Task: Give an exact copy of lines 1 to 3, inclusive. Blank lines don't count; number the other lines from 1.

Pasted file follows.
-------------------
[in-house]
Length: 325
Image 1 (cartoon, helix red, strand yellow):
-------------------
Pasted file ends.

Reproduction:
[in-house]
Length: 325
Image 1 (cartoon, helix red, strand yellow):